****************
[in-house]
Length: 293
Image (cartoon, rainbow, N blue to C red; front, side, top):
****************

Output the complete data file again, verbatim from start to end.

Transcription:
[in-house]
Length: 293
Image (cartoon, rainbow, N blue to C red; front, side, top):